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Damascus: that awful, sinking feeling…

The Alawites, Syria’s ruling minority, have arguably the most to loose should the international community continue to fully back the largely Sunni Syrian anti-Assad opposition. Indeed Bashar’s father, Hafez Al-Assad (Syrian dictator, 1971-2000) had a key ambition, and that was to never again see his people, the Alawites, be demoted to their historical status as Syria’s persecuted minority. Considering that politics in the Levant (the name for the part of the Middle East facing the Eastern Mediterranean) has always been a relatively brutal affair, with violence being the political tool of choice for both government and opposition parties, Hafez Al-Assad failed to create an inclusive political elite with enough pluralism to satisfy the minimal needs of the country’s multitude of sectarian, economic and political interests. Instead, the Assad dictatorship crushed internal dissent wherever and whenever it was challenged, and thus created a dynastic republican powerbase where politics was concentrated not just in the hands of the Alawites, but specifically in the hands of the Assad family. Over time, this legacy of state-directed political violence and manipulation left Syria’s disenfranchised Sunni majority with little option other than armed insurrection to contest Assad’s legitimacy. And, even with the backing of Christian, Druze, Shia and other minority groups co-opted into the Assad governing structure, this band of minority ‘outcasts’ simply did not have the ability to face-off against the Sunni majority once the latter decided to organise a national anti-Assad resistance. In days gone by, before the advent of the Arab media giants Al Jazeera and Al Arabiya, before the advent of the Internet and of social media, the Alawites could have reverted to a brutal default setting and snuff out all anti-government resistance. Few cameras would have recorded atrocities and expose them to the world. Since the 2010 Arab Spring however, we have seen the pervasiveness of mainstream and social media undermine dictatorial regimes in the Middle East. It is as if ‘the people’ or ‘the oppressed’ have not only found their voice, but have at their disposal the tools to conduct their own ‘Information Operation’ campaigns against their staid and repressive governing elites. Does this mean that democracy will ensue? If events in Libya, Egypt, Iraq, Tunisia are any guide, then probably not. Civil society in these countries is still weak and political power still comes out of the barrel of the gun, rather than through free and fair elections. But with the steady gaze of the media, as well as the army of individual Bloggers and ‘crowdsourcing’ by people with smart phones, governments have fewer ways of averting international attention from their ‘bad behaviour’ unless they attack mainstream and social media at its source, as has been done by the People’s Republic of China.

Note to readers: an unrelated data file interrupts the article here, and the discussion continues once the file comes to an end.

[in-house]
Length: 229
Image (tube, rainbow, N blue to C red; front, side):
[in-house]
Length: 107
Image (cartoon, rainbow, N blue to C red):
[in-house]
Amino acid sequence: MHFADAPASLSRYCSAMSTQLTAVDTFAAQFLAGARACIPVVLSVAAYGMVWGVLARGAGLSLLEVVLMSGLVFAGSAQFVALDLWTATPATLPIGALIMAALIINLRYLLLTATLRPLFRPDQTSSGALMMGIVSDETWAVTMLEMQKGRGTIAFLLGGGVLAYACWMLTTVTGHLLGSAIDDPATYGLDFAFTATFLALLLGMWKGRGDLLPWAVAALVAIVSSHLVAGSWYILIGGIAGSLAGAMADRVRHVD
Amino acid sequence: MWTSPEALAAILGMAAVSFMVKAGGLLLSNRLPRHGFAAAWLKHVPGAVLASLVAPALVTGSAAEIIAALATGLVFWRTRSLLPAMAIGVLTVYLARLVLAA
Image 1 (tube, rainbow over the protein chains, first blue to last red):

So what of the unfolding tragedy in Syria? What are the possible outcomes of the current conflict?

The most likely scenario is that the fighting will intensify over the next few weeks, placing even more pressure on the Alawite elite and on Assad’s inner circle in particular. Assad’s Prime Minister Riad Hijab fled into exile to Jordan. Treason? Well that depends on which side of the fence one finds oneself. Meanwhile, Hijab might have dreams of a senior role in any post-Assad Sunni dominated government. Many who are still considered close to Assad will be calculating their leader’s days and actions to be considered. There will, at some point, be a critical juncture that may accelerate Assad’s demise. Perhaps an internal putsch by disaffected and fearful Alawite officers of the Syrian military, or, an assassination attempt on Assad himself. Such developments will change the situation on the ground, for without Assad in power, the path may be clear to serious negotiations between the Sunni opposition and the Alawites on new power-sharing arrangements. But the clock is ticking and the more blood that is spilled by the Alawite government in defence of Assad, the less likely an outcome of meaningful negotiations between Alawites and Sunnis, and a high probability that the current civil war will evolve into a full-scale Alawite pogrom.